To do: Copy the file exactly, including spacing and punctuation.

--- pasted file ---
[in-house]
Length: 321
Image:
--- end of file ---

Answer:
[in-house]
Length: 321
Image: